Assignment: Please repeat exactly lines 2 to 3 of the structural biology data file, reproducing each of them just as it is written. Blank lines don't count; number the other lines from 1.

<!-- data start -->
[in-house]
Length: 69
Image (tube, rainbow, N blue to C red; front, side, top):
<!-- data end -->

Length: 69
Image (tube, rainbow, N blue to C red; front, side, top):